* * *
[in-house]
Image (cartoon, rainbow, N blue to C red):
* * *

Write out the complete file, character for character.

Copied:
[in-house]
Image (cartoon, rainbow, N blue to C red):